From an actuarial point of view, he finds, there is very little difference in the long run in respect to the premium that must ho asked for one or the other classof business. It is a case of losing on the roundabouts and gaining on the swings. The risk from the speed of the touring car is balanced by the risk from the weight of the average commercial vehicle. Then again, the industrial machine has to be operated in sunshine as well as in rain. Whatever the weather conditions, the goods have to be delivered and passengers carried. That is a serious consideration for any insurance corporation with a view to the proper maintenance of machinery as much as to the greater risks which are involved when fogs descend on us cr when the streets are a mass of slippery slime. Yet against that disadvantage our insurance friends ha-re the consolation that the man in charge of the motor lorry, and this is most distinctly true in the ease of the steam wagon, is very often a better trained mechanician than is the private chauffeur.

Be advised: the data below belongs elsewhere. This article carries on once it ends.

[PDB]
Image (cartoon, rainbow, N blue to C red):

Force of circumstances and operation are more often than not responsible for the fact that the lorry driver has to look after many repairs and adjustments which the private chauffeur has permission to refer to some garage with which the owner of the oar has regular business relations, Then there is the question of the joy-ride. This is indeed a most serious subject for insurance brokers who handle motor-vehicle business, and we are assured by Mr. Olden that it has had in its various guises a remarkable effect on the premiums which are chargeable in connection with ordinary pleasureear work. It has indeed to be an enthusiastic driver who will attempt a joy-ride with a five-ton steel-tired steam wagon or .with a. brewery lorry, or even with a, more or less draughty and frequently uncomfortable delivery van. The joy-ride is not a characteristic of corn mercial-v ebiele operation. • The private chauffeur in charge of a high-grade touring ear, especially nowadays, is very seldom indeed allowed by the owner to show off the paces of the machine which he is controlling, and what-circumstance is more likely than that he will attempt the latter when he at last has the car, impialperly it may be, under his sole control The worst accidents Mr. Olden tells us, are always those in which it is found that the chauffeur alone has been in charge of the car and no owner, or any relative, present. So it will be